I stood on the top of the dune and looked out at the expansiveness of the Atlantic Ocean and wondered just where the heck I was going to fish. Reports came in about big schools of fish on the beach, but no one said where. I couldn’t blame ‘em, for finding the fish along this 26-mile stretch in the Cape Cod National Seashore takes a lot of work and a little bit of luck. If I found ‘em I wouldn’t have told a soul ‘cept for my wife and a buddy or two. I’d be poker faced to the rest of ‘em, leaving them in the same spot I was in now.
My perch in the dune grass showed me miles to the north and miles to the south. I first glassed to the north. A herd of seals flopped around on the sand. They were high and dry for one of two reasons: either there was a white shark in the water, or they were bored from a lack of fish. I glassed for a dorsal fin or either a harbor or horsehead seal carcass and I saw nothing. Maybe they were just waiting for the fish to show up. Then they’d slide into the water with the grace that only a 500-pound chunk of blubber can.
There was a lot of texture to the south. There was a rounded bull-nosed bar next to a bowl. On the opposite side of the bowl was a point bar capped by a parallel off-shore bar. Rip tides were spread in between, and there was lots of structure for striped bass to pin bait. There was a lot of energy down there, and even though it’d be a long hump I’d do it anyway. Everything starts with a decision, and for better or worse, mine was made.
I wish I hadn’t have parked my CJ5 in the lot. It’d have been a lot easier to drop down the tire pressure to 16 PSI, lock the hubs, and roll down the loose granular sand. She looks badass, but her appearance is deceiving. She’s got an inline four banger under the hoods, and when I hit the clutch and pop the stick into 4, I might eek out the speed limit. I don’t roll that fast because years of sand and salt have worn her frame to the bone. On some days I worry that if I hit a pothole I’ll have two halves of a Jeep. On other days I don’t give a rip, for I drop her top and windshield, toss her doors in the back and drive.
All I could think about now was that one mile in loose sand is like two miles on solid land. I walked the beach south to get to the texture and when I arrived I saw a big log. A winter Nor’easter likely pulled the 60-foot pitch pine from the dunes into the drink. I had to assume that the storm surge on a high, moon tide pitched it this high on the beach. Either way, I didn’t much care, for this log was a perfect backrest in the sugary white sand. I threw in a dip and sat down, for no more comfortable beach chair had ever been made.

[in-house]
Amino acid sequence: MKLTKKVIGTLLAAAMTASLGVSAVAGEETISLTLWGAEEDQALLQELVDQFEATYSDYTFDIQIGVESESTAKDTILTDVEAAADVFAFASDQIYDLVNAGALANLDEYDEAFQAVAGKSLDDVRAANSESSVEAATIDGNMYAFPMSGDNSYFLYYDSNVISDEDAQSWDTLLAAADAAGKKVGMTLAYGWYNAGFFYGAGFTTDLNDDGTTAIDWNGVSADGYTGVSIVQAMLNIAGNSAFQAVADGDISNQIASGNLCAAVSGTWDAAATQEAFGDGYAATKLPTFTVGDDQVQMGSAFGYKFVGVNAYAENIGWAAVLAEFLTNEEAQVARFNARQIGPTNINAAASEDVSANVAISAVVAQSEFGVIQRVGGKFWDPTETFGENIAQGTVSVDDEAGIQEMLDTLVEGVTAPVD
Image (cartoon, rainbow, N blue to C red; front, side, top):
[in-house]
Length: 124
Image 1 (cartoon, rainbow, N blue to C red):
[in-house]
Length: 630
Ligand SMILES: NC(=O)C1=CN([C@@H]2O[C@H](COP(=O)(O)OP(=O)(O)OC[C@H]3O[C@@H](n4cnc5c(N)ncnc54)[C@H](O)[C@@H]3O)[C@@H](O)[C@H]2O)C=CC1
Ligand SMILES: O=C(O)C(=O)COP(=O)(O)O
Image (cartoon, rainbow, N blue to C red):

This was a corker of a spot, and if the fish were in, they’d have to be here. I watched the waves for they come in sets of four. Following three gentle slap, slap, slaps of water against the sand there is a whoosh of current. That peak washes bait on shore and makes for easy fly selection. I watched and watched, and then I got up to see if any baitfish washed up. If there was no bait then I’d have walked all this way for nothing. I’d kick myself on the way back, wondering just why the Hell I didn’t head North? But just above the tideline was a mess of little fish. Some were dead, while others flip flopped around on the sand. There were silversides, sand eels, tinker mackerel, small butterfish, and squid. Things were looking good, so I headed back up to my log to twist up a leader. There’d be no cussin’ tonight.
Rather than agonize over the fly selection details I cut to the chase with a Bimini Twist in the butt and a five-fly dropper rig on down to the point. The point fly was a no brainer, for Kenney Abrames’ Razzle Dazzle is the best big-fish fly going. Next, I added a Ray’s Fly to imitate the silversides, and then a bluish-green flatwing for the tinker macks, and a brownish-green flatwing for the sand eels. A clam worm topped it off like a cherry on an ice cream sundae, but I wondered if I should have used a squid? I could always switch, but I hoped the fish wouldn’t be that selective out here.
The wind kicked up and that meant the tide turn, It was go time. Casting into 20 knots is tough, but this light-variable was just enough to keep the black flies and mosquitos away. That it was an Easterly meant the fish would be close to the beach. I stood up and looked around. Lord have mercy was it gorgeous, with bright, white stars, soft waves, a salty tang, and a sea that had greasy slicks full of fish. I was done with the thinking and on to the fishing when the moon popped up. It popped early, before sundown, and it rose steadily above the horizon line. The best part was yet to come, and that would be with a subtle tap that made my line go tight. When it did it’d all be worth it. And if no taps came? It’d still be worth it, save for the fact that I wished I’d brought my Jeep.